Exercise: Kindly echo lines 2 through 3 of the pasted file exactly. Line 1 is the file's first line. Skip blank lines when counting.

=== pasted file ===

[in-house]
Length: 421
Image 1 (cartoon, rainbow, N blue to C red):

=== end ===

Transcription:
Length: 421
Image 1 (cartoon, rainbow, N blue to C red):